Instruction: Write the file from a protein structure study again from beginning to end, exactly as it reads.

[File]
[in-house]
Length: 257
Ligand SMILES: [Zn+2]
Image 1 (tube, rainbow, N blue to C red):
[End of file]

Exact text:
[in-house]
Length: 257
Ligand SMILES: [Zn+2]
Image 1 (tube, rainbow, N blue to C red):